I consider myself reasonably well educated, with elementary school, high school, under-graduate school, and grad school under my belt.  I do read quite a bit – books, newspapers, magazines, websites and blogs.  But I have never opened a Talmud book.  That is until yesterday…

Over the past few years, I took classes in ancient Greece philosophy (Socrates, Plato, Aristotle), 17th-18th European philosophers (Descartes, Spinoza, etc.), and Moral philosophy/Ethics (Mill, Kant, Locke, Nietzsche, etc.).  After getting a pretty good overview of Western philosophy, I figured I should take a look at Jewish philosophy – particularly Maimonides (רמב”ם).

I looked up a class on Maimonides, and realized it requires first taking a class titled “Intro to Oral Torah” (מבוא לתושב”ע). Last time I came across the term ‘Oral Torah’ was at elementary school, and even then we barely touched the subject at class.  Since I didn’t know much about ‘Oral Torah’, I figured I should take the required class before diving any further into Maimonides views.
The class started a few weeks ago, and I must confess it has been quite confusing. Terms like ‘Mishnah’ (משנה), ‘Gemara’ (גמרא), ‘Talmud’ (תלמוד), ‘Midrash’ (מדרש), Aggadah (אגדה) and ‘Rabbinical Literature’ (ספרות חז”ל) were thrown into the air by the teacher. I heard most of these terms before, but wasn’t quite sure how they relate to each other. I was missing the “big picture”.
Fortunately the class has homework assignments… To complete those,  I had to read through the course material. I started asking the teacher questions, and search through the Internet – Wikipedia came to my aid as usual…  Slowly the pieces started falling into place. I felt ready to “take the plunge”.
Yesterday, I decided to walk into the local library and look at some books. I walked in and hesitantly asked the librarian if they have some Talmud books. “Our religious books are over there” she pointed towards the shelves. “We might be missing some Talmud books” she added, “I am afraid some of them were never returned”. I walked over to the area she pointed to, and there it was – the Rabbinical Literature: Mishnah, Midrash, Talmud and Aggadah books all lined up next to each other.
Our teacher mentioned the Steinsaltz Edition of the Talmud, which includes Hebrew translation. It was hard to miss the large Steinsaltz books on the library shelves. I picked up the one titled ‘Tractate Kiddushim ‘ (מסכת קידושין) and read the section our homework assignment referenced:
A woman is acquired in three ways,
and she acquires herself in two ways.
האישה נקנית בשלוש דרכים,
וקונה את עצמה בשתי דרכים.
She is acquired through money, through a contract, or through sexual intercourse.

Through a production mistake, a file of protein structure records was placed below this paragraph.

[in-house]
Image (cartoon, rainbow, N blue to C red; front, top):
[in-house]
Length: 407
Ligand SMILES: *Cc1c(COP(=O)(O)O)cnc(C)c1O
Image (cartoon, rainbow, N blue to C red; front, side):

נקנית בכסף, ובשטר, ובביאה.
Through money:
The House of Shamai say: with a dinar or with the equivalent value of a dinar;
בית שמאי אומרין בדינר ובשווה דינר;
and the House of Hillel say: with a peruta or with the equivalent value of a peruta.
ובית הלל אומרין בפרוטה ובשווה פרוטה.
How much is a peruta? One eighth of the Italian issar.
כמה היא פרוטה? אחד משמונה באיסר האיטלקי.
She acquires herself through a get or through the death of the husband.
וקונה את עצמה בגט, ובמיתת הבעל.
A levirate wife is acquired through sexual intercourse,
היבמה נקנית בביאה,
and acquires herself through the shoe-removal ceremony or through the death of the levirate husband.
   וקונה את עצמה בחליצה, ובמיתת היבם
The section above is part of the Mishna – a collection of oral Jewish traditions that was assembled and edited circa 200–220 CE by Rabbi Yehudah haNasi. Next to it on Talmud page is a corresponding section of the Gemarah: a discussion by later scholars (known as Amoraim) that interpreted and expanded on the Mishnah section. The Gemarah was originally written in Aramaic language, and the Steinsaltz edition includes a Hebrew translation of it. The Talmud book also includes later interpretations written by luminaries such as RAbbi SHlomo Itzhaki (RASHI– רש”י). These sections are written in a special ‘Rashi script’.
Sounds complicated? Well, it is. The Mishnah is written in somewhat cryptic language. You have to know something about the laws written in the Torah in order to fully understand what the Mishnah is discussing. The Gemarah assumes knowledge of both the Mishnah and the Torah, and it contains discussions, opinions and stories that often represent conflicting scholar views.  And there is the Rashi interpretation, which requires that you first understand the problem in the Mishnah/Gemarah text he was trying to resolve – sort of an early form of the game Jeopardy.
So why am I writing all of this? I am perplexed that as a Jewish person, I managed to go through numerous classes, schools and universities, yet never had a chance to open a Talmud book before. I had my fair share of Bible studies atschool, and actually quite enjoyed it. But the Bible represents Jewish literature through 4thcentury BCE, or thereabouts. There are over 2000 years of Jewish literature written since the Bible; Mishnah, Talmud and their interpretations represent a big part of Jewish thinking throughout that time period.
There is a quote I like by the famous American author – Michael CrichtonIf you don’t know history, then you don’t know anything. You are a leaf that doesn’t know it is part of a tree. 
The early Zionists broke away from old Jewish traditions, and for a reason. They started a revolution and had to free themselves from the chains of passive Jewish attitude towards national salvation. But 65 years after the state of Israel was founded, we can and should reestablish our links to our heritage. Otherwise we will become scattered leaves without a tree.
No, it doesn’t mean that we should all become Orthodox Jews. I certainly don’t plan to. It means we should strive to teach our kids about our rich Jewish heritage – and that includes opening a book of Talmud. At least once during their student lives.